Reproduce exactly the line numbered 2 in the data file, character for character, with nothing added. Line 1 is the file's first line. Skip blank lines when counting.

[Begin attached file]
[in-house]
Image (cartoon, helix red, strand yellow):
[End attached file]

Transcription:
Image (cartoon, helix red, strand yellow):